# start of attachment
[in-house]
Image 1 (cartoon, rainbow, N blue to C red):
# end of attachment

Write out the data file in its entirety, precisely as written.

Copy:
[in-house]
Image 1 (cartoon, rainbow, N blue to C red):